The tsunami warning was issued for parts of New Zealand and several island nations in the South Pacific. The threat of a tsunami and very strong sea currents is brought by the eruption of the Hunga Tonga Hunga Ha’apai underwater volcano in the Pacific Ocean, which took place on Saturday.
The eruption of the Hunga Tonga Hunga Ha’apai volcano was strong, the agencies emphasize. The eastern coast of the Samoa Islands, part of the American Samoa Territory, has seen an ocean level rise of about 70 centimeters, according to a press release released Saturday.
The Australian Meteorological Agency (BOM) reported that 1.2 meters high waves occurred north of the city of Nuku’alofa, the capital of the Kingdom of Tonga, which is directly adjacent to the volcano. The Reuters agency writes that its beaches and numerous bays could be endangered there if the water level exceeded safe levels.
The tsunami warning was issued by the New Zealand crisis management center in Wellington, Reuters reports, recalling that Saturday’s eruption of Hunga Tonga Hunga Ha’apai volcano, which has recently activated, was another in a series of eruptions recorded in recent weeks. The threat of a tsunami in New Zealand exists in the north and east coasts.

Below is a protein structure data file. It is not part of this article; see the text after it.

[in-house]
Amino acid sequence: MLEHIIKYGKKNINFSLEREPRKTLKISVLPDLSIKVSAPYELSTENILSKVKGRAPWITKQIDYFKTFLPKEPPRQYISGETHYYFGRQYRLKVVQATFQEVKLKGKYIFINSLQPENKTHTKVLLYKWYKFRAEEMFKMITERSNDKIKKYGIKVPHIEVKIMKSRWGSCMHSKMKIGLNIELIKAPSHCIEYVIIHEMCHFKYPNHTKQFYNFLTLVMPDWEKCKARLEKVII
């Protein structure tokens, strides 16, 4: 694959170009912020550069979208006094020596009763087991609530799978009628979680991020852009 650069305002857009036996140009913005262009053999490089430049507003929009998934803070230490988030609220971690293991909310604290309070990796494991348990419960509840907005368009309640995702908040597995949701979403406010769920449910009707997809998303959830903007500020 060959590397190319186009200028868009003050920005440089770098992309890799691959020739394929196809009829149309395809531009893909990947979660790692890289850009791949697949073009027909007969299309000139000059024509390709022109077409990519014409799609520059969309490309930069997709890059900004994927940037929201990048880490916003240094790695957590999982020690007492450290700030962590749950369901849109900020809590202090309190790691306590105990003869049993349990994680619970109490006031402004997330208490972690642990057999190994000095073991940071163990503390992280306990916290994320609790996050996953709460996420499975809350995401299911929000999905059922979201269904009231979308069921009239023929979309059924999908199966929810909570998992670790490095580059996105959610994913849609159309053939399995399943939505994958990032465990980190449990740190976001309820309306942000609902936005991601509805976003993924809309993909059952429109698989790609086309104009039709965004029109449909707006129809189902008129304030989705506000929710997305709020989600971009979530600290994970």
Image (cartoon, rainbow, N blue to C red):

The alert also applies to several island states in the southern Pacific Ocean, including Fiji.
The tsunami warning for American Samoa and Hawaii has been canceled. However, no alert has been issued for mainland Australia, its islands or territories. The Australian meteorological agency, however, ensures that it monitors the situation on an ongoing basis.
Recordings of waves breaking into the coast appeared on social media.
The water level is rising due to climate change
– Around Tonga, as in the entire Pacific, the water level is constantly rising. This means an impending catastrophe, because most of the country is located 1-2 meters above sea level. Just like Kiribati, Tuvalu and other islands, we will be under water if climate change goes in the same direction as before, said Uili Loisi, a member of the Tonga delegation at the UN climate conference COP26 in Glasgow, in November.
The Tonga archipelago is located in the so-called ring of fire, which is a zone of continuous earthquakes and volcanic eruptions that surrounds the Pacific Ocean.
Main photo source: Google Maps, WeatherWatch.co.nz/Twitter